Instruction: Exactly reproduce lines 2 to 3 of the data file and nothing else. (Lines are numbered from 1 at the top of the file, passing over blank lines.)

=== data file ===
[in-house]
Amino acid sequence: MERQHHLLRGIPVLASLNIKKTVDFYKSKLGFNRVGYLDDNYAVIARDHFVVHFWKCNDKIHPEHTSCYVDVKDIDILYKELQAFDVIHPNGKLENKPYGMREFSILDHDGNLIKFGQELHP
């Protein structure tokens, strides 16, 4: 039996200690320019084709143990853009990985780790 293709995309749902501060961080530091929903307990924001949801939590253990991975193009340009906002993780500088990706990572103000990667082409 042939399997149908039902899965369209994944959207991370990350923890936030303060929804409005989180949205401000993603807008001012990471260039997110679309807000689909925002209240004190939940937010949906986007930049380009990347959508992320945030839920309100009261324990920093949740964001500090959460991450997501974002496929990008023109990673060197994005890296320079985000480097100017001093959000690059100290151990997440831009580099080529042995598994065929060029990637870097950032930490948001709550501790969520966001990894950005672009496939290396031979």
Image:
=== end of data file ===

Amino acid sequence: MERQHHLLRGIPVLASLNIKKTVDFYKSKLGFNRVGYLDDNYAVIARDHFVVHFWKCNDKIHPEHTSCYVDVKDIDILYKELQAFDVIHPNGKLENKPYGMREFSILDHDGNLIKFGQELHP
């Protein structure tokens, strides 16, 4: 039996200690320019084709143990853009990985780790 293709995309749902501060961080530091929903307990924001949801939590253990991975193009340009906002993780500088990706990572103000990667082409 042939399997149908039902899965369209994944959207991370990350923890936030303060929804409005989180949205401000993603807008001012990471260039997110679309807000689909925002209240004190939940937010949906986007930049380009990347959508992320945030839920309100009261324990920093949740964001500090959460991450997501974002496929990008023109990673060197994005890296320079985000480097100017001093959000690059100290151990997440831009580099080529042995598994065929060029990637870097950032930490948001709550501790969520966001990894950005672009496939290396031979």